Political Turmoil When the Economy Sours.

Australian politics has been even more entertaining than New Zealand’s. But aside from the ambitions of the comedians is there something else going on?

One New Zealand MP explained the Australian political turmoil in terms of New Zealand having MMP which, he said, gave us greater political stability. In fact, since the introduction of MMP in 1996, Australia has had six prime ministers and so have we.

The exit patterns are different. Bolger was deposed in 1997, three lost elections – Shipley (1999), Clark (2008) and English (2017) – with only Key gracefully retiring (2016). John Howard lost in 2007; Kevin Rudd was deposed in 2010 and lost in 2013 after, in turn, deposing Julia Gillard in 2013. Tony Abbott was deposed in 2015 and Malcolm Turnbull in 2018. Notice that turbulence of four coups has happened only in the last decade – Howard had an 11-year tenure.

There is also a difference in the economies. This column concentrates on that last decade. But by way of background, yes, Australia has done better in economic growth for the last fifty years, for two major reasons. Their mineral boom took off at the same time as the New Zealand sheep industry collapsed following the huge and permanent drop in the price of (crossbred/strong) wool in 1966. In the 1980s and the 1990s the Australian economy handled their economic liberalisation (under Bob Hawke and Paul Keating) pragmatically while, led by Roger Douglas and Ruth Richardson our response was extreme, with disastrous outcomes. (One of the oddities of New Zealand neoliberals is that they bewail the superior performance of the Australian economy after their policies contributed to our poorer result.)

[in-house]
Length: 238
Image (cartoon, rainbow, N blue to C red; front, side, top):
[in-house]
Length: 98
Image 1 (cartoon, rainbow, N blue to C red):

Both economies benefited from improving terms of trade (higher export prices relative to import prices) during the first decade of the 2000s. In simple terms, East Asia was increasingly consuming minerals (notably coal and iron) and foodstuffs (dairy products and meat), driving up their prices while Asian low wages enabled them to undercut the world price of the manufactures which the two countries imported.

Australia’s export price gain was about three times New Zealand’s. Roughly, their rising terms of trade added annually about 2 percentage points to real incomes in the first decade – more than what ordinary economic growth was doing.

Observe that while we tend to focus on material output – GDP (per capita) – the prices that the output gets also matter. You can be the world’s best producer of fenceposts with output steadily expanding but the exercise is pointless if the price of fenceposts is zilch. A lift in the price of fenceposts may make a substantial lift to your income even though you do not produce any more.

Shortly after the Global Financial Crisis the prices for Australia’s mineral exports collapsed. Basically, world consumption slowed down so there was an oversupply – there may also have been a speculative price boom earlier.